Employee retirement plans are a cornerstone of many Americans' lives and futures. Thus, it’s crucial that the people who administer these plans be accountable for their decisions and conduct. ERISA surety bonds are some of the most important tools for ensuring the ethical administration of employee retirement plans.
ERISA bonds provide a binding financial guarantee that the plan’s administrators will obey all relevant laws and fulfill their fiduciary duty to the plan’s beneficiaries. In this brief guide, we’ll cover the essentials of ERISA bonds—what they are, who needs one, and how you can get one for an affordable premium.
What Is ERISA?
The Employment Retirement Income Security Act (ERISA) is a federal U.S. law enacted in 1974. This law regulates retirement and health plans in private industry and establishes standards to make them more secure.
One of ERISA’s most important requirements is that plan administrators with fiduciary duties obtain surety bonds. Since these plan administrators have substantial power over employees’ retirement funds, it’s crucial that employees be protected in the event that an administrator commits misconduct. An ERISA bond is a tool that’s intended to provide that protection.
ERISA Bond Basics
Watch our video explaining the ERISA bond requirements.
First, let’s talk about the definition of a surety bond. A surety bond is a type of three-party contract that provides a guarantee that one party (called the principal) will fulfill their obligation to another (called the obligee). A neutral third party, called the surety, provides the financial guarantee.
So, what is an ERISA bond? An ERISA bond is a type of surety bond that covers administrators and other fiduciaries of retirement plans regulated by ERISA. In this case, the fiduciary is the principal, and the plan and its beneficiaries are the obligees. ERISA surety bonds protect against acts of fraud and dishonesty by retirement plan fiduciaries, such as:
- Theft or misuse of plan funds
- Forgery of documents
- Assuming duties that create a conflict of interest
- Using their position as a fiduciary for personal profit
In the event of alleged misconduct by the fiduciary, the obligee may file a claim with the surety against the bond, which the fiduciary will be responsible for paying back.
An ERISA bond must have a coverage amount (known in surety bond terms as a penalty sum) equal to at least 10 percent of the plan assets that the fiduciary handles. In most cases, the minimum amount of coverage required is $1,000 and the maximum amount is $500,000. For plans that include employer-issued securities such as company stock, the maximum coverage amount is $1 million.
Do I Need an ERISA Bond?
If your responsibilities include any of the following, you probably need an ERISA bond:
- Negotiating or transferring retirement plan funds
- Signing checks or other negotiable instruments of a retirement plan
- Working with cash, physical documents, or other physical assets of a retirement plan
- Disbursing plan funds to beneficiaries
- Supervising or having control over any of the above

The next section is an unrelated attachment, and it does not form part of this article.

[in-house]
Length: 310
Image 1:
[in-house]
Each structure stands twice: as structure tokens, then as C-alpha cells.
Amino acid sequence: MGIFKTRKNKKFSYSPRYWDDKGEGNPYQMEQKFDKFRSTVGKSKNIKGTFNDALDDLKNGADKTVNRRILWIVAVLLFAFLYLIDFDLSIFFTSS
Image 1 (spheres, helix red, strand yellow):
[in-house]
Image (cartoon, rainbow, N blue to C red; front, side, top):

The following types of plans are generally exempt from ERISA oversight:
- Government pensions
- Plans established by religious organizations such as churches
- Plans that only cover applicable disability or workers’ compensation laws
- Plans maintained primarily outside the United States
If you need an ERISA bond, it can be relatively simple to get one—but there are some key facts to know to ensure that you work with a qualified surety and get an affordable rate.
How Much Does an ERISA Bond Cost?
The surety bond cost for most types of bonds is a percentage of the penalty sum. The percentage varies according to the principal’s credit score. However, most ERISA bonds don’t require a credit check.
ERISA surety bonds under $500,000 are available in three-year terms for a one-time flat premium determined by the penalty sum. A surety bond with a $50,000 penalty sum has a premium of $179, while a surety bond with a $500,000 penalty sum has a premium of $450. See Surety Bonds Direct’s full list of ERISA bond premiums to find out how much your surety bond will cost.
Bonds with coverage of about $500,000 do require a credit check. However, it’s still possible to get an ERISA surety bond with bad credit by adding a co-signer or using premium financing options.
How to Get an ERISA Bond
To get an ERISA bond, you’ll need to apply for one with a surety company, insurance company, or surety bond broker. Many people who need ERISA bonds find that surety bond brokers offer the best results, as they specialize in unique products like ERISA bonds and can compare bonds from hundreds of different sureties to find the perfect one for each principal.
A principal who needs an ERISA bond must apply to a surety approved by the Department of the Treasury’s (listed on Department Circular 570). You can get your bond instantly today through Surety Bonds Direct—just find your bond amount on our ERISA bonds page, and we’ll match you with a Treasury-approved surety. (If you need a bond with a coverage amount over $500,000, you’ll need to go through a quick credit check.)
Surety Bonds Direct offers affordable premiums on ERISA bonds in all 50 U.S. states. We offer free online surety bond quotes for ERISA bonds in just minutes—or call our surety bond professionals at 1-800-608-9950 to learn more.